Okay, now that my dissertation is done and submitted, I can get back to reading. I just came back from a trip to New Orleans--which is still there, kinda. And, the flights gave me the opportunity to read several (three!) novels. Here's the first, Ann Patchett's The Patron Saint of Liars.
I love Ann Patchett's work; it's readable, creates a lush world of words, but isn't overtly "book clubby." Things always turn out unsettled, though in a way that makes sense within the universe of the novel. This particular novel opens with the backstory to the hotel that will eventually become St. Elizabeth's--a home for unwed mothers. It has a magical realism-tinge to it, a fairy tale quality that hovers over all the Patchett novels I've read. Yet, what's nice, is that in her books the fairy tales are like the flawed golden bowl, run through with a small fissure lets the real world seep in.
Rose is a distancing heroine, keeping the reader at bay much as she keeps all others--save her substitute mom, Sr. Evangeline. She marries Tom without loving him, cruelly because he loves her. She marries Son without loving him, cruelly because he loves her and will love her unborn child. She keeps Cecelia (Sissy) and fears loving her. There is a crudeness to her symbolic role as foodgiver that seems a bit below the novel, though.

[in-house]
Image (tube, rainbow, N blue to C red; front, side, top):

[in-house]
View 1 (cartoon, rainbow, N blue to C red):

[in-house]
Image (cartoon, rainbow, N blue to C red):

I have to admit that I did not see the Cecelia story ending as it did, so that was a nice twist. I had envisioned her as a cruel young heartbreaker, a proto-Fitzgerald pretty young thing, but did not see her dying.
And, I loved Sissy. Her palpable love for and disappointment in her mother and her chill. Her adoration of her father, and his for her. Shortly after reading this book, while home sick with the flu, I caught up on all the Heroes that I missed while working on my dissertation. The episode in which Claire's relationship with her father is backstoried struck me as so similar to the way Son and Sissy's closeness (note the names) is portrayed. Both made me cry.
All in all, a good book. Not as transporting as Bel Canto nor as emotionally grounded as The Magician's Assistant, but still, definitely worth the read.